The web’s biggest social media companies have been targeting ads to racists. Facebook, Google and Twitter have allowed advertisers to target groups expressing interests in topics such as “Jew hater,” How to burn jews” and “why jews ruin the world.” Facebook’s advertising algorithm went even further by suggesting other racist and hate interests to advertisers including search terms like “Hitler did nothing wrong.” After being notified by ProPublica Facebook removed the antisemitic categories.
But that did not solve the problem entirely. Online magazine Slate used Facebook’s ad targeting to create ads targeting those interested in “Ku-Klux-Klan,” and other white nationalist interests.
ProPublica first attempted to purchase three ads, or “promoted posts,” using Facebook’s targeting tool. At first they were rejected. But not for the reason you might think. The ad placement was rejected because the number of Facebook users searching the racist terms was beneath a pre-programmed number of users. ProPublica then added a larger category to “Jew hater” and the others. Facebook’s ad tool then said the selected audience was “great!” Fifteen minutes later the company’s ad system had approved all three ads.
Facebook is not alone. BuzzFeed discovered Google, the world’s largest advertising platform, also had problems in its ad targeting. Google’s ad targeting allowed advertisers to target people searching phrases such as “black people ruin everything” and “jews control the media.”
Like Facebook, Google’s algorithm auto-suggested similar phrases, such as “the evil jew.” To confirm their findings BuzzFeed ran the ads and verified the ads did indeed appear on the web.
After BuzzFeed’s report Google disabled the keyword searches used in the ad buy. However, according to BuzzFeed, the search term “blacks destroy everything,” remained.
Sridhar Ramaswamy, Google’s senior vice president of advertising, in an email.”We’ve already turned off these suggestions and any ads that made it through, and will work harder to stop this from happening again.”
Twitter too was found to have algorithms that played into racism. According to the Daily Beast Twitter allowed the targeting of ads to racist. Twitter’s algorithm allowed advertisers to target millions of customers searching terms like “wetback” and “nigger.” The Daily Beast was also able to successfully placed the ads online. And, like Facebook and Google, Twitter generated suggestions in response to racist terms.
According to Twitter it fixed its algorithm that permitted marketers to target racist.
The Daily Beast reported that Twitter Ads returned 26.3 million users who may respond to the term “wetback,” 18.6 million to “Nazi,” and 14.5 million to “nigger.”
Facebook appears to be dealing with a recurring problem. That is racist ad targeting. In 2016 AACR reported that advertisers were using the social media platform ad targeting to exclude people of color from seeing ads for housing and other services. Facebook uses the term “affinity marketing” but it is also known as “red lining.” This is the practice of denying certain groups access to homes, jobs and other service based on race.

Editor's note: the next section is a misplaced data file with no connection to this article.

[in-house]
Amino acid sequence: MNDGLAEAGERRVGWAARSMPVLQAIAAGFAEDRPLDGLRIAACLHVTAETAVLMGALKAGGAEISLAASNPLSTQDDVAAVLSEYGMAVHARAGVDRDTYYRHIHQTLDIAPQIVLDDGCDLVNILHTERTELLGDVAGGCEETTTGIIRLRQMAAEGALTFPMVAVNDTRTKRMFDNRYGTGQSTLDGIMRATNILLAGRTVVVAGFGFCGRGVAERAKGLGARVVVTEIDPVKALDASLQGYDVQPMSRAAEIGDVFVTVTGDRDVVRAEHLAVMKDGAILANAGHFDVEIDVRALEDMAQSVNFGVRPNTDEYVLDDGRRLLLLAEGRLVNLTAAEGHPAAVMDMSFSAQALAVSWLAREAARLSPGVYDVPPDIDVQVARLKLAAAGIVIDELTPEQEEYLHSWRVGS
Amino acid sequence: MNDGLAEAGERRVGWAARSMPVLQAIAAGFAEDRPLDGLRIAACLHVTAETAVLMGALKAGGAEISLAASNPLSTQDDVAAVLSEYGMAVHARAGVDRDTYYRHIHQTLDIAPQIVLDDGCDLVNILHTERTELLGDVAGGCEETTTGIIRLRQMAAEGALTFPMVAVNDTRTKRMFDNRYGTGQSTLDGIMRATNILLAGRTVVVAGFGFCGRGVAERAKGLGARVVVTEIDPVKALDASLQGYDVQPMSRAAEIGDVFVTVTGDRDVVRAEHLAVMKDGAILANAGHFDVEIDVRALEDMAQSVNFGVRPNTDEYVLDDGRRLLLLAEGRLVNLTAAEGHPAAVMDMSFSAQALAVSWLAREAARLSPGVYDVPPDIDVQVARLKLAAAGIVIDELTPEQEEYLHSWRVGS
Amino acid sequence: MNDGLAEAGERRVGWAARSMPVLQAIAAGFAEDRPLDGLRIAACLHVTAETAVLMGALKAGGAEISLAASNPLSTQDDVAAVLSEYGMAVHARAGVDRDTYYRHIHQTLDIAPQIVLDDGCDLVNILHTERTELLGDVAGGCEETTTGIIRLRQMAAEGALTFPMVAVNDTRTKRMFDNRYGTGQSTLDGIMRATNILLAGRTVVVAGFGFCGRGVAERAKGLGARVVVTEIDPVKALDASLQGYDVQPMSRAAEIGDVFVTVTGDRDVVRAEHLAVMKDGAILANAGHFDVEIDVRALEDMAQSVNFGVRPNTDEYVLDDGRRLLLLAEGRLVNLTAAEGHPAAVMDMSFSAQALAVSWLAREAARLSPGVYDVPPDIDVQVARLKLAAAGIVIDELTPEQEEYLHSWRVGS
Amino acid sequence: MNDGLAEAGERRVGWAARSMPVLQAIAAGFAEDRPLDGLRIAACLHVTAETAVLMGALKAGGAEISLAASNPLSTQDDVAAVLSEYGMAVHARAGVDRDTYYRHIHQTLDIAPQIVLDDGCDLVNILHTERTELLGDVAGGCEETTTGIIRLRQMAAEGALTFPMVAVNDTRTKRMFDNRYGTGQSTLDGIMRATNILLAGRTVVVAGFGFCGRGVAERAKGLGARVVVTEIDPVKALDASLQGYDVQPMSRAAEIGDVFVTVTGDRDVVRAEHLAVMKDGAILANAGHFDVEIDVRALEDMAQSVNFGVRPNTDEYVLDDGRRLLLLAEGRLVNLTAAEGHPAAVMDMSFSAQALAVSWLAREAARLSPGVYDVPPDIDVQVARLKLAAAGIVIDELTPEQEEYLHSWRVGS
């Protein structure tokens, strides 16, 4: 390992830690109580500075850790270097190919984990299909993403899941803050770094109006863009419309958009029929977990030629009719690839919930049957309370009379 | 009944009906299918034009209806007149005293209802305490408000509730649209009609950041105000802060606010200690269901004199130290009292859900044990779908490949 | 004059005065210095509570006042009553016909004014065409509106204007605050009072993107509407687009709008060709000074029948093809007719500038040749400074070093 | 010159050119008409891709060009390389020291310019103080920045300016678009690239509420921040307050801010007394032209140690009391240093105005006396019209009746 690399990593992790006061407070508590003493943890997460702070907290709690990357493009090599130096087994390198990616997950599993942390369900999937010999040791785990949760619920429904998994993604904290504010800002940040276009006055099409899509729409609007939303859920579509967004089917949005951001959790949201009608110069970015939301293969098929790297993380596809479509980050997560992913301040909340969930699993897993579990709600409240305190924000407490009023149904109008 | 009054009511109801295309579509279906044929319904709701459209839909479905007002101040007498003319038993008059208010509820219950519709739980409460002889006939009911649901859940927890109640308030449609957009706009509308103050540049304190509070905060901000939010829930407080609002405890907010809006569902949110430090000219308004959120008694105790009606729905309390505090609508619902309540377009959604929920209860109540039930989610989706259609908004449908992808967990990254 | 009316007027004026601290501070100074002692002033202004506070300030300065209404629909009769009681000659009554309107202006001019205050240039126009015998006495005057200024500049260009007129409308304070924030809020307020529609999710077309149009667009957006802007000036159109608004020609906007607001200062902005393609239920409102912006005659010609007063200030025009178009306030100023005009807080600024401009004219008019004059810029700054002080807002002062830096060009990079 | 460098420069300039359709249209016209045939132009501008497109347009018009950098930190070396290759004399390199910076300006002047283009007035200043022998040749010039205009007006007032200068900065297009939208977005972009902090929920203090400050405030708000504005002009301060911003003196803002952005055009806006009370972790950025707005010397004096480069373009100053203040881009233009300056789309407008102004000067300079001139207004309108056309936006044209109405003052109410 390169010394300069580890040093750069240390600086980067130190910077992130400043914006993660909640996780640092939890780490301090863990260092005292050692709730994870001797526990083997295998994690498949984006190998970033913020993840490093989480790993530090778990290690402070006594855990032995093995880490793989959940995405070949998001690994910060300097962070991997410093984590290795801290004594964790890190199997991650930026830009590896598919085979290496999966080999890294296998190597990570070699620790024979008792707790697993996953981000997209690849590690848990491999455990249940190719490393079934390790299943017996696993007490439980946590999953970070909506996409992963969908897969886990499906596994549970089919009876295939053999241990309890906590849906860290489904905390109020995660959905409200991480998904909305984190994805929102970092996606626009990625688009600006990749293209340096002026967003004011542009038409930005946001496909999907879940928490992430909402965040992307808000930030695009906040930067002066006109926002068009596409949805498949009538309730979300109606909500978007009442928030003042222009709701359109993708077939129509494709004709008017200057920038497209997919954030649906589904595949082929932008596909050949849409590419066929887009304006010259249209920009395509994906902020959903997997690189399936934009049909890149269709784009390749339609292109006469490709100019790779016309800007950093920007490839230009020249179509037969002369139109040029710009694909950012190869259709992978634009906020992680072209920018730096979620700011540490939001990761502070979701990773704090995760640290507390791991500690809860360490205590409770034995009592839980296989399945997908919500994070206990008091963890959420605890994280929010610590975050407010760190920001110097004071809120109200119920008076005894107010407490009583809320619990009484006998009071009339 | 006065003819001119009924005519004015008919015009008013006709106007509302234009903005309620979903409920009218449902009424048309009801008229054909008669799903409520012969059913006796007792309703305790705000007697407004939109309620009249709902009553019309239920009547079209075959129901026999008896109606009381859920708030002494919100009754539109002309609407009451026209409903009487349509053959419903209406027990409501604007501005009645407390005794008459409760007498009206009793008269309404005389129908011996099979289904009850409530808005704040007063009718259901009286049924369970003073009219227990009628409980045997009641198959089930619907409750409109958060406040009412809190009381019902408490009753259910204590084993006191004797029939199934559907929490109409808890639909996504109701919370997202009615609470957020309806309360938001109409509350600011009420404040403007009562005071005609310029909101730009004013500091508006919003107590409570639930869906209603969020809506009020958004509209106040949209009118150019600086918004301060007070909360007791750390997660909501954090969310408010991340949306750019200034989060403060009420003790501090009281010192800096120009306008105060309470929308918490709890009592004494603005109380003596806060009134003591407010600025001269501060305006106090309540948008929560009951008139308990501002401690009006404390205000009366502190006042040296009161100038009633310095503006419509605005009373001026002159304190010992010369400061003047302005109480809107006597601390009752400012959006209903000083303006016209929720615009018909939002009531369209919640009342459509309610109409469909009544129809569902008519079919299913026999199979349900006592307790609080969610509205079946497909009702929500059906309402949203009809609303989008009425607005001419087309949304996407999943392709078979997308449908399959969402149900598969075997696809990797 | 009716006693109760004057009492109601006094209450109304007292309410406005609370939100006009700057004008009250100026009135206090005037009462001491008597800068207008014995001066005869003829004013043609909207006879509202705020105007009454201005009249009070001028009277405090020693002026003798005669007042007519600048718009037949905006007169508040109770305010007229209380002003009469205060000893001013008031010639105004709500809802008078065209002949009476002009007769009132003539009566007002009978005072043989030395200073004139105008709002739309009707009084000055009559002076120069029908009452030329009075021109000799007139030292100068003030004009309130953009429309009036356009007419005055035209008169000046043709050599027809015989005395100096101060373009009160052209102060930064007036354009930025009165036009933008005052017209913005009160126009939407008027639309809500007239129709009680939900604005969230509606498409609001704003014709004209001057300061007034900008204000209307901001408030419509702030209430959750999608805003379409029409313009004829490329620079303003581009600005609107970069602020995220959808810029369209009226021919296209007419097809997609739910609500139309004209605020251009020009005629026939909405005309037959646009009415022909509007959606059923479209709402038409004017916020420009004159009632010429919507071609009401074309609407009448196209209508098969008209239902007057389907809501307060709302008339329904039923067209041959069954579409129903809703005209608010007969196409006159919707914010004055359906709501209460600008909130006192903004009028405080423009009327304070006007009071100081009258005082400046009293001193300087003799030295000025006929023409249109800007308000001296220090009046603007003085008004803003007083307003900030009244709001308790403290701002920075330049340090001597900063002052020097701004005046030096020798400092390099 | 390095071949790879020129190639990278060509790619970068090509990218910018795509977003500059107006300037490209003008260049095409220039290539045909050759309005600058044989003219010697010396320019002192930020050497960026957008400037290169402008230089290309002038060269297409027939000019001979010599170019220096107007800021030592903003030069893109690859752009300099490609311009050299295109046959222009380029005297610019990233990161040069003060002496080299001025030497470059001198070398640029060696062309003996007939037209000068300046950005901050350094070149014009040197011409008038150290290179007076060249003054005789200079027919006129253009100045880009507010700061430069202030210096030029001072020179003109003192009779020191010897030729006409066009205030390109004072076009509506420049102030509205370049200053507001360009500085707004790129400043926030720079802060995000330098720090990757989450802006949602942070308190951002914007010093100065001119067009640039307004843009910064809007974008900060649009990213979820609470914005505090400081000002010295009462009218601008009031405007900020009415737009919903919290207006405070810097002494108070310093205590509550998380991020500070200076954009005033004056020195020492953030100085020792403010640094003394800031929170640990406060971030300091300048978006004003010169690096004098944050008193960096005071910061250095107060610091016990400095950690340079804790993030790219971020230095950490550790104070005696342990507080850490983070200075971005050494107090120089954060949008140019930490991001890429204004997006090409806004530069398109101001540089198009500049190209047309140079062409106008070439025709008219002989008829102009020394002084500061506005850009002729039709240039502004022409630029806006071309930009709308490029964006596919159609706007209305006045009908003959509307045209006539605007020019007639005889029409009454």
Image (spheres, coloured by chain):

Are these companies undercover racists or is something else happening here? Technology is supposed to be color blind but these issues keep popping up, especially for Facebook.
According to Facebook, algorithms select categories based on what users list as employment or education. People have used terms such as “Jew Hater,” as their jobs and listed employers as “Jew Killing Weekly Magazine.” Or as education they list “Threesome Rape.” As a result Facebook’s algorithm, which is not designed to understand the meaning of these terms, create target market categories.
Some experts believe that many algorithms that are programmed to make decisions are programmed on data sets that do not include a diverse range of people.
Graphic designer Johanna Burai created the World White Web project after she searched for an image of human hands. Her search on Google resulted in images of millions of hands almost exclusively white.
Google responded by saying its image search results are “a reflection of content from across the web, including the frequency with which types of images appear and the way they’re described online” and are not connected to its “values”.
Joy Buolamwini, a postgraduate student at the Massachusetts Institute of Technology launched The Algorithmic Justice League (AJL) in November 2016.
Buolamwini, a dark skin African-American, was attempting to use facial recognition software for a project but the program could not process her face.
“I found that wearing a white mask, because I have very dark skin, made it easier for the system to work. It was the reduction of a face to a model that a computer could more easily read.”
It was not the first time Buolamwini experienced the problem. Once before she had to ask a lighter-skinned room-mate to help her.
“I had mixed feelings. I was frustrated because this was a problem I’d seen five years earlier was still persisting,” she said. “And I was amused that the white mask worked so well.”
But is technology and these algorithms really racist? Maybe not so much as some would have us to believe. Algorithms are programs and programs are created by people who program computers. So it is not unthinkable that racism and biases creep into programs.